Surviving Social Isolation - Prime Women | An Online Magazine

Surviving Social Isolation

Social isolation has been thrust upon us. We have been enduring it for a while and some of us have at least a month yet to go or more. If you are feeling imprisoned in your home, what can you do to make this socially isolated life easier?

Criminals who have been caught and convicted find themselves really locked in. However, if they have the funds, they can hire councilors (usually ex-cons) to advise them on how to best get through their confinement.

We are not in jail. We are in the homes that we have worked hard to make comfortable and attractive. But as social isolation closes in, we, too, could use some of those councilors’ advice.

Prisoners are advised not to keeping counting the weeks or months until their release. We could not do that if we tried since we do not know exactly when it will end for certain.

They are then told not to spend time and energy pining over what it is they would or could be doing if they were free. Instead, it is best to concentrate on whatever positive things are available, even if it is only a movie that will be shown next Thursday.

This is good advice for us, but we need to find something positive to focus on. We do not want to be like the man who the first thing one morning, teased his wife by promising a great event that was going to happen in 16 hours. The answer was bedtime.

Something we can look forward to every day under the current limitations is dinner, but it is up to us to make it worth anticipating.

making dinner - surviving social isolation

I have known many people who have filled a spell of unemployment and idleness or an otherwise empty weekend by beginning the day planning a lovely evening meal and then shopping and cooking to make it happen. In the current social isolation, there is much benefit in following their examples.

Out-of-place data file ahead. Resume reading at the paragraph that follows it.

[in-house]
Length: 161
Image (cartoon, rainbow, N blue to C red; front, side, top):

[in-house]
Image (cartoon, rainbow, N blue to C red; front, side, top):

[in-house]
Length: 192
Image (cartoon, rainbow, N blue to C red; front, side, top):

We are more limited on shopping, so we can begin by surveying our fridges, freezers and pantries. An Internet search or even a look into all those cookbooks we have not opened for a while should give us some ideas on how to use what we have to make something appealing and attractive.

Not all of us can easily run to the store to pick up anything we are missing so we must remember that recipes are guidelines, not gospel. Can we skip an ingredient or find a substitute?

Nor need every dinner involve a lot of elaborate cooking. A little creativity can result in turning the various bits in the fridge into a bowl that will rival anything you could get delivered.

Preparing nice food is only one step in making dinner worth looking forward to. The meal must be nicely presented. Set the table and eat there, not on the couch with Netflix –even if you are by yourself. Use the good dishes.

setting the table - surviving social isolation

And dress for dinner. If there is family with you, insist they dress as well. It does not have to be ball gowns and dinner jackets but should be neat, clean and as least as nice as what you would wear to a casual restaurant. Do your hair and do your face.

If it is permitted and especially if you are alone, put the dressing and the grooming to good use by going out for an exercise walk before or after dinner. Wave at everyone behind your mask. Or cheer up a friend with a video call. Even on a voice call, you will sound cheerier when you know you look good.

My dad lived to 100, on his own until close to the end. He used to say that no matter what else was happening, you could always enjoy a good dinner. Bon appetit!

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